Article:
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Poetry by Rachel A. Gold

Think With Me

Drew Hurley

Spinx All right. Do us all a favor. Play a game with me. Give me your full attention for the next few minutes, will you please?

OK! Now, this is what we are going to do. Listen carefully and follow my instructions.

Close your eyes. Yes, that is right; close your eyes. Lift your head a little. That is right; get comfortable. Snuggle your back and bottom into your chair so that you can sit there comfortably and listen to me with your eyes closed.

Listen to me. Please hear the words that I use to speak to with, and try to understand their meaning.

Everything has meaning. If there were but one universal fact of life, it is this: everything has meaning.

Our purpose (your purpose, my purpose, the purpose of all humanity) -- our purpose is to find a significant portion of that meaning for ourselves, individually. As such, we are capable of extremely vicious acts of selfishness. We are also capable of great acts of heroism and tremendous feats of finding a sense of meaning for ourselves, collectively. Indeed, earlier generations of men have always identified themselves as a part of a group rather than in terms of their own individual and unique characteristics.

We are more than just our biological selves. Our sense of our own human past, our roots, is the link that we have with earlier generations of mankind and their dreams and aspirations no only for themselves, but their dreams and aspirations for us, also. It comes down to one vital point: the survival of all of us depends upon the mutual survival of each of us; together. It always has been thus. It always will be.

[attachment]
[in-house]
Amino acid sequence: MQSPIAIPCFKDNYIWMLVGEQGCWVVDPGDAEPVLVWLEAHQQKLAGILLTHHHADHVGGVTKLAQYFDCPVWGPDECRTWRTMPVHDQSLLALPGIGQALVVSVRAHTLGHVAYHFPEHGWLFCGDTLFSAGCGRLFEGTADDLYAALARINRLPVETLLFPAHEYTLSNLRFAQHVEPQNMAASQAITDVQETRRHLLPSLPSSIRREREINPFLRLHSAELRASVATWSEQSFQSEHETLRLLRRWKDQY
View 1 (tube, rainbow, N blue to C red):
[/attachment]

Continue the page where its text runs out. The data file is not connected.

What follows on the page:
The riddle of the ages, the secret meaning of the silent sphinx, is really very simple. In fact, it is as plan as the nose on your face.

Describe the Sphinx to me.

It has the face of a man, the wings of an eagle, and the body of a lion. How can that be?

Precisely. How can that be? The secret of the Sphinx is that it asks all observers the very same question: How can that be? What’s more, it gives the same reply to all who ask: “seek, and ye shall find.”

The answer to all questions is in the universe around you. You will find answers. That fact is unavoidable as long as you are alive, and then long afterwards. This important issue is this: What questions will you ask?

I implore you, ask the questions that will help you better understand the world that you live in, and the people, animals and other life-forms that you share it with. Above all, ask questions which provide you with an appreciation for the successes that you experience in your life.

You are good. You are successful. You are alive. You have a right to be happy. You should also know why. Ask. Then, relax. It is OK. Enjoy yourself.

(Pause.)

Open your eyes slowly, but do not look at me. Let your eyes slowly focus on what is in front of you. Rotate your head, slowly. Look around you. Very slowly come to a conscious awareness of YOU zeroing in -- of you focusing on visual stimuli in the environment around YOU. There is much in that environment that YOU do not see, merely because YOU do not consider looking for “it.”

Consider looking for “it” more often. Think about “it.” Any issue which human minds wrestle with can be understood. If only we would as the question: How can that be?

Indeed, how can that be? Exactly, “HOW?” Let this become a personal challenge. Figure out precisely, “HOW can that be?”

Now, do you remember the Sphinx? That dear Sphinx is a constant reminder of humanity’s lack of vision and insightful understanding. Dear friend, we all possess the key that unlocks the riddle of the ages, if only we, too, learn to properly ask: How can that be?

Everything has meaning. Don’t ever forget this axiom of life. It will help you more than you can ever know, so long as remember to ask: HOW CAN THAT BE?



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Tuesday, 04-May-2010 14:47:54 EDT